Shaheen said that Adil had been tortured in jail—the police had set fire to his beard, a marker of his Muslim identity. Ansar Ahmad, the imam of the Mehmoodiya Mosque in Begum Purwa who has been regularly meeting the arrestees, too, confirmed that the police had set fire to Adil’s beard. Ahmad said, on 24 January, that his face “still has some burns.” Afroz said, “Mustaqeem’s hand was swollen from the police’s beating … They didn’t treat him either, we took an ointment from home to give him.” We emailed the Kanpur Police on the address listed on their website for a response about the allegations against them. This report will be updated if and when they respond. A first-information report for the violence in Kanpur on 20 December names seven people as the accused, along with four–five thousand unknown persons. Of the four who were arrested, Pervez Alam and Sarfaraz Alam, aged 55 and 40 respectively, were released on bail on 12 February. The Kanpur District Court has rejected Adil and Mustaqeem’s bail pleas and the matter is now with the Allahabad High Court.

According to Nasir Khan, one of the lawyers representing Adil, Mustaqeem and Pervez, the cases are flimsy. He showed us a letter from Pervez’s employer—he worked at a factory in Jajmau, around six and a half kilometres away from Babu Purwa. The letter states that Pervez left the factory at 2.45 pm. According to Shaheen, Pervez was travelling via a cycle which broke down near her house in Begum Purwa, causing a minor injury. She said Adil and Mustaqeem helped him up and took him inside Adil’s house. Soon after, at about 4 pm, the police barged in and picked them up. But the FIR claims that they were involved in the crimes during the CAA protest between 2.30 pm and 4.30 pm. The FIR for the violence that occurred the next day names nine people, including Armaan, Ehsaan and Mohsin. Armaan’s neighbours—119 Hindus, predominantly from upper-caste communities—have signed a document attesting to his good character.

Khan gave an example of how the Kanpur police has been using intimidation tactics and threats to ensure that the cases against the CAA protesters do not get easily resolved. Tiwari, the district magistrate, had allowed people to depose before him in the 20 December case until 25 January. According to Khan, once, during this time, the police personnel stationed outside the office had created a hostile environment for the witnesses. The personnel were physically pushing the witnesses and asking them to go back, he said. “It wasn’t until I, with my influence, went with them that entry was even possible,” Khan added.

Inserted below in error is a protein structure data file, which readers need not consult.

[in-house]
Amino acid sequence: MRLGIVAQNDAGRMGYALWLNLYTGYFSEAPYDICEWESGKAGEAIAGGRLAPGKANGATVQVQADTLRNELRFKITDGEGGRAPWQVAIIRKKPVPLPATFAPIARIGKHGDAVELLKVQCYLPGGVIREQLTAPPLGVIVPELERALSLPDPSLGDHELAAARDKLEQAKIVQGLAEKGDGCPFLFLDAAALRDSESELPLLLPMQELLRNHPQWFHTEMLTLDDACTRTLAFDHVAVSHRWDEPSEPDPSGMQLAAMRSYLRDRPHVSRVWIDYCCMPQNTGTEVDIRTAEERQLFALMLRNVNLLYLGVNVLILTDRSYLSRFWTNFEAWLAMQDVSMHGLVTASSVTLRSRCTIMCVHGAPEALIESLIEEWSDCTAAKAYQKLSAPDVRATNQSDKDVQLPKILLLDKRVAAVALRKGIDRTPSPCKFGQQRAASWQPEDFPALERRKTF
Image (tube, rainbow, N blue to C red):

Both Ahmad and Mohammad Arif, a lawyer from Babu Purwa, told us that for days after 20 December, the residents of Babu Purwa would shut down the lights in their homes after dark, fearing that the police would come to terrorise them. Some of the boys, whom the police had detained and beaten up, have been quietly sent away from the locality. When we visited the area in end January, we could see the bullet holes on the shutters of various shops. Ahmad said that the police personnel from Babu Purwa police station still telephoned him and other prominent members of the community late at night, asking them to come for unwarranted meetings about the anti-CAA protests. “Without a doubt, they are trying to instil a fear in the minds” of Muslims, Arif said.

Kamayani Sharma is a writer and researcher on visual culture, media studies and philosophy. Her work has appeared in ArtforumThe White ReviewART IndiaScroll.inThe Wire and Firstpost, among others. She tweets at @SharmaKamayani.
Shalmoli Halder is a development sector professional working on land rights, access to justice and governance. She has written for India Development Review, the Indian Express, Arre, among others. She is available at @shalmolih.